People handling relates to workplace activities in which a person is physically moved, supported or restrained. People handling requires someone to use force in order to lift, lower, push, pull or slide another person.
All people handling tasks are a potential source of injury, and associated risks should be assessed and managed.
No worker should fully lift a person, other than a small child, without assistance from mechanical aids, devices or another worker.
Consider the health and safety of both the people doing the handling and the person being handled. Also consider that the person being handled may increase the risk of injury to the worker by their:
- physical characteristics (such as weight, size, strength, balance, medical condition etc.)
- state of arousal (consciousness)
- unpredictable behaviour
- willingness to assist
- ability to communicate and understand.
When people are being handled, the controls selected and applied should take into account all of the sources of risks.
Ways your workplace can reduce risks associated with people handling may include:
- mobility risk assessment – maximise the person's ability to assist in the move through the use of appropriate advice, mechanical and/or assistive devices
- moving the person to a place that does not constrain the movement of the worker performing the task, for example, using a shower trolley to bathe a patient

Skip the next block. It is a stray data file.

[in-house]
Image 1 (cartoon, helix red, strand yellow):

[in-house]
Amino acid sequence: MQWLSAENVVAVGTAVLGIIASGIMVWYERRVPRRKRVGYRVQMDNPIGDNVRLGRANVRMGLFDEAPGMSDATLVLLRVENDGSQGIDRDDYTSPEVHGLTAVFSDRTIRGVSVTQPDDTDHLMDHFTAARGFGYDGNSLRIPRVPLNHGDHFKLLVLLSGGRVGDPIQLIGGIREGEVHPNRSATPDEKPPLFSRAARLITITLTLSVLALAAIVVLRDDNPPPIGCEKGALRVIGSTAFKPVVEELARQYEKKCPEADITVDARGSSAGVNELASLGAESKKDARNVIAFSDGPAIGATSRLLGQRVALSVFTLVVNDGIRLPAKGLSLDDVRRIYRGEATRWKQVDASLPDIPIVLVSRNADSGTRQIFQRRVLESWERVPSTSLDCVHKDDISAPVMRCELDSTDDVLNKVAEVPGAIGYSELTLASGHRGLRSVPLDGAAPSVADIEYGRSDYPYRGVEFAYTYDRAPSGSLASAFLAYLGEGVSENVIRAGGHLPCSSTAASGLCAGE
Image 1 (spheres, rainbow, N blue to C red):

- assessing the needs of the task (where handling is required), including the specific type of mechanical aids and personnel needed, and planning it in a manner that avoids the hazardous manual task
- the use of ceiling hoists. Where the use of a hoist requires two or more people, provide adequate supervision and resources to eliminate the risk of workers being under time pressure and attempting the task on their own
- planning how to handle a person attached to medical or other equipment
- ensuring the location and storage of mechanical aids and assistive devices allows easy access
- providing training for the safe use of mechanical aids and assistive devices.
- Last updated
- 14 August 2017